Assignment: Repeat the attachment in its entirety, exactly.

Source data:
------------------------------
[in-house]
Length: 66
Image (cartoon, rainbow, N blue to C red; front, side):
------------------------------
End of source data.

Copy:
[in-house]
Length: 66
Image (cartoon, rainbow, N blue to C red; front, side):